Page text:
17. Skin Contact
Building on the orange wine definition above, people will also call orange wines skin-contact white wines. It doesn’t quite ring off the tongue in the same way orange does, but it’s definitely a more accurate description! All wine except for white is a skin contact wine. So no need to ask if a red wine was skin contact! For a rose or orange wine, a good question is always, “how much skin contact did this wine have?” It will give you a good insight into the color extraction and potential tannin in the wine.
You might see words like qvervi or amphora written on wine or discussed the style of winemaking. This is the most ancient version of winemaking, using a clay vessel of varying sizes. In Georgia, they will bury them in the ground and let the wine ferment there, then bottle directly from the qvervi. If you hear the word, just know it’s how the wine was made, no oak or stainless steel, but instead was in a clay vessel!
19. Carbonic Maceration
Popularized by Beaujolais, carbonic maceration (you can call it carbonic for short and I’ve heard some people even call it carbo) is a technique that allows whole bunches or clusters (more on that later) to go in a vessel, be sealed off, and eventually ferment themselves from the inside out! Eventually, the grapes bust open from the pressure and the juice combines to ferment further into wine.
Sulfites (SO2) are a preservative widely used in winemaking (and most food industries) for its antioxidant and antibacterial properties. It helps prevent oxidization and keeps a wine's freshness. It is naturally occurring and is typically added at bottling as well. Natural winemakers strive to add as little as possible/none in their wines.
21. Whole Cluster
The term whole cluster is referring to the grapes themselves and how they go into the vessels for fermentation. If you leave them in their whole cluster you will also have the stems with the grapes, meaning you may extract more tannin and aromas from not just the grapes skins and seeds, but the stems too.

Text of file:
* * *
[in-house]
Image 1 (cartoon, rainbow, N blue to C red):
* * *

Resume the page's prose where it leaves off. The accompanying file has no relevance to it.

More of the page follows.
Brutal!!! is like a cult label used to signify a specific kind of wine a producer is making. The only requirements are that it’s zero/zero. There shouldn’t be any sulfites (thus the grim reaper and the SO2 on the label) and the vintner shouldn’t be intervening in the wine. It also signifies that this wine is an experiment.
Sediment in wine is any of the things you see floating around in the bottle or chilling at the bottom. They are not bad for you and can help the wine preserve its vibrancy and flavor by staying in contact with it. They are composed of dead yeasts and parts of the grapes and taste exactly like you’d think a tartrate would taste like… not a lot!
24. Wine Additives
There are no ingredients listed on wine so everyone assumes it is just grapes. But, there are over 100 additives that can be added to the wine in the US including obvious ones like sulfur and copper, moving into the strange like mega purple, which adds a saturated color, to oak chips and anti-foaming agents. None of those likely sound very appetizing, thus the goal of having zero/zero in natural wines!
Different from oxidized, like in a sherry, sometimes a natural wine can purposely have notes of dried fruits, nuts, and a bready element. If it goes to the point of being brown and smelling like curry, you’ve gone too far and have an oxidized wine! But, if it has those nice notes, it’s likely the goal of the vintner to extract some of these notes to add complexity to the wine.
There are of course MANY more than this, but these 25 should be enough to allow you to feel confident walking into any natural wine bar and understanding where your wine came from and how it was made!
Holly Berrigan is the Founder of MYSA Natural Wine. She has a WSET Level 3 certification with Distinction, is a member and writer for the Porto Protocol and Slow Food USA, and is a student in Sustainable Agriculture at the University of Massachusetts Stockbridge.
If you want to learn more, check out the resource pages below: